Attorneys who just won a court case arguing that Obamacare restricts premium subsidies to state-run exchanges are asking a federal court not to rehear the case at the Obama administration’s behest.
The plaintiffs in Halbig v. Burwell won the case in the U.S. Court of Appeals for the District of Columbia with a standard three-judge panel, which determined that the text of the Affordable Care Act allows taxpayer subsidies to go only to customers of state-run exchanges. The Obama administration quickly asked the appeals court to rehear the case with all the judges participating. (RELATED: Federal Court Takes Down Obamacare: Subsidies In Federal Exchange Are Illegal)
Such a rehearing, called an en banc review, is rare — but would allow the Obama administration another chance to win the case at the appeals court level. As Democratic presidents have appointed a majority of D.C. court’s judges, the administration is optimistic about its chances with the full court. (RELATED: Obama Admin Asks Federal Court To Revisit Potentially Deadly Obamacare Subsidy Ruling)
Experts are split on whether the court will agree to hear the case all over again, but the plaintiffs’ lawyers say the court should take a backseat and let the Supreme Court finish the case instead.
Just hours after the D.C. circuit court ruled that subsidies were illegal in the federal exchange, the U.S. Court of Appeals for the Fourth Circuit ruled in favor of the Obama administration in a similar case in King v. Burwell. The surprising split in the circuit court decisions makes it even more likely that the Supreme Court will take the case.
“En banc reconsideration by the full Circuit would only delay a final resolution of this incredibly important issue,” said Sam Kazman, general counsel for the Competitive Enterprise Institute, a nonprofit that is coordinating both cases. “We submit the D.C. Circuit should either deny the government’s request for en banc reconsideration or else delay acting on that request until the Supreme Court decides on whether to review the King case, which we have already appealed to that court.”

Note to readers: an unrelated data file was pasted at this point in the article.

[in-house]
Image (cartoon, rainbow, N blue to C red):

The vast majority of Obamacare customers have signed up in federally-run exchanges with the expectation that they’re eligible for taxpayer subsidies. Were the Supreme Court to side against the Obama administration, it’s not clear whether Congress would be able to easily restructure subsidies or whether millions of Americans would be liable for the full cost of their health coverage.
But the question grew even more controversial after the two court decisions were released, when bloggers discovered several tapes of the Obama administration’s chief Obamacare architect, MIT economist Jonathan Gruber, admitting that only state exchanges were eligible to give out premium subsidies and reasoning that this was a strategy to convince states to build their own exchanges. (RELATED: Obamacare Architect Says Again That Subsidies Only Go To State Exchanges)